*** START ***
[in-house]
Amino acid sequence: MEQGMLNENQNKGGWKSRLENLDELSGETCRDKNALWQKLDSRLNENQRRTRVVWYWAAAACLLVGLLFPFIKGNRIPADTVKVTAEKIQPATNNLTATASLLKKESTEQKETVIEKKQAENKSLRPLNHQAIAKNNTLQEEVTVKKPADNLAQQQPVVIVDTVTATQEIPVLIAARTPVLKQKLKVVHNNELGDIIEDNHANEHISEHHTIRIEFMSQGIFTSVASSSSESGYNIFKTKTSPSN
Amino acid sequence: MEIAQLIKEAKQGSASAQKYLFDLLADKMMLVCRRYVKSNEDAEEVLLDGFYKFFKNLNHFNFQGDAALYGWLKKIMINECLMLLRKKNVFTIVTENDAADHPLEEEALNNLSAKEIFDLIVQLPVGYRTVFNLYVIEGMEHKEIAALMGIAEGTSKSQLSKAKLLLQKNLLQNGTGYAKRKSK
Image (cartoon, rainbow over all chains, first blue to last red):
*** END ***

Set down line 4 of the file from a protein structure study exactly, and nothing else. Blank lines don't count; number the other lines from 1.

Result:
Image (cartoon, rainbow over all chains, first blue to last red):